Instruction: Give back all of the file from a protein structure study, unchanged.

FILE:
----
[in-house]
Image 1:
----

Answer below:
[in-house]
Image 1: